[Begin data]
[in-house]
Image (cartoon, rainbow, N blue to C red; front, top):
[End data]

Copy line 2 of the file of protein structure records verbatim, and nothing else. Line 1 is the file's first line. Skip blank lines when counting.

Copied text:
Image (cartoon, rainbow, N blue to C red; front, top):